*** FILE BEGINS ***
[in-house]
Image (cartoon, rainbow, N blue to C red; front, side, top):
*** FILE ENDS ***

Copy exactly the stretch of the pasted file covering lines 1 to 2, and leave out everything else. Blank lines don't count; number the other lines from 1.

[in-house]
Image (cartoon, rainbow, N blue to C red; front, side, top):